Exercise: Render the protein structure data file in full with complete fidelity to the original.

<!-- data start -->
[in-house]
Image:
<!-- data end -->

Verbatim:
[in-house]
Image: